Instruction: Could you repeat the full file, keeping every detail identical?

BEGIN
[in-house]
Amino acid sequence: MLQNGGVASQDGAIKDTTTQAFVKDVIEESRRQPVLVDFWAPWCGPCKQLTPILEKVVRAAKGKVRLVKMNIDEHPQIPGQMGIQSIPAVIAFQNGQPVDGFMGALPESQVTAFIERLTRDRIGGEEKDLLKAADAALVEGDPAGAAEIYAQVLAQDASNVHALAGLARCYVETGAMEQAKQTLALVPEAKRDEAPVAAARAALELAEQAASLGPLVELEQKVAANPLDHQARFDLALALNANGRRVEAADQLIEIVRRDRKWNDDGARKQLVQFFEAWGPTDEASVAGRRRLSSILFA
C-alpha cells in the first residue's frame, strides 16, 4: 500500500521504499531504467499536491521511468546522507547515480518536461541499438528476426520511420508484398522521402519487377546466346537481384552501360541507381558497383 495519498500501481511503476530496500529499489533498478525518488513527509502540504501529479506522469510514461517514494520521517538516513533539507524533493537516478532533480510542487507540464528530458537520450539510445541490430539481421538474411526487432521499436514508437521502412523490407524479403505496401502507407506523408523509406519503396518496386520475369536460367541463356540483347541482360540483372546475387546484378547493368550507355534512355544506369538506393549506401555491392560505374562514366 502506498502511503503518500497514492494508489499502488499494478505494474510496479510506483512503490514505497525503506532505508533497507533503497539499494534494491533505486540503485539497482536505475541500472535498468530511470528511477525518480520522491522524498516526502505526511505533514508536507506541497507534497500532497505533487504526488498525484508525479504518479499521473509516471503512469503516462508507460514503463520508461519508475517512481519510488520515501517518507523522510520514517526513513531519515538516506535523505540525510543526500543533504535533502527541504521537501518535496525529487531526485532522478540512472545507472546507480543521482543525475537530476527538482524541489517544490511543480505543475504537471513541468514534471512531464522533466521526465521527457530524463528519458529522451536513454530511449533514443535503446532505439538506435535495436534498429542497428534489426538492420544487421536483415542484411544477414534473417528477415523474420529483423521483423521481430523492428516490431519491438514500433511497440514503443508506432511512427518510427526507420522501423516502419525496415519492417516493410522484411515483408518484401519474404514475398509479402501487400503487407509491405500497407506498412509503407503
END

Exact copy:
[in-house]
Amino acid sequence: MLQNGGVASQDGAIKDTTTQAFVKDVIEESRRQPVLVDFWAPWCGPCKQLTPILEKVVRAAKGKVRLVKMNIDEHPQIPGQMGIQSIPAVIAFQNGQPVDGFMGALPESQVTAFIERLTRDRIGGEEKDLLKAADAALVEGDPAGAAEIYAQVLAQDASNVHALAGLARCYVETGAMEQAKQTLALVPEAKRDEAPVAAARAALELAEQAASLGPLVELEQKVAANPLDHQARFDLALALNANGRRVEAADQLIEIVRRDRKWNDDGARKQLVQFFEAWGPTDEASVAGRRRLSSILFA
C-alpha cells in the first residue's frame, strides 16, 4: 500500500521504499531504467499536491521511468546522507547515480518536461541499438528476426520511420508484398522521402519487377546466346537481384552501360541507381558497383 495519498500501481511503476530496500529499489533498478525518488513527509502540504501529479506522469510514461517514494520521517538516513533539507524533493537516478532533480510542487507540464528530458537520450539510445541490430539481421538474411526487432521499436514508437521502412523490407524479403505496401502507407506523408523509406519503396518496386520475369536460367541463356540483347541482360540483372546475387546484378547493368550507355534512355544506369538506393549506401555491392560505374562514366 502506498502511503503518500497514492494508489499502488499494478505494474510496479510506483512503490514505497525503506532505508533497507533503497539499494534494491533505486540503485539497482536505475541500472535498468530511470528511477525518480520522491522524498516526502505526511505533514508536507506541497507534497500532497505533487504526488498525484508525479504518479499521473509516471503512469503516462508507460514503463520508461519508475517512481519510488520515501517518507523522510520514517526513513531519515538516506535523505540525510543526500543533504535533502527541504521537501518535496525529487531526485532522478540512472545507472546507480543521482543525475537530476527538482524541489517544490511543480505543475504537471513541468514534471512531464522533466521526465521527457530524463528519458529522451536513454530511449533514443535503446532505439538506435535495436534498429542497428534489426538492420544487421536483415542484411544477414534473417528477415523474420529483423521483423521481430523492428516490431519491438514500433511497440514503443508506432511512427518510427526507420522501423516502419525496415519492417516493410522484411515483408518484401519474404514475398509479402501487400503487407509491405500497407506498412509503407503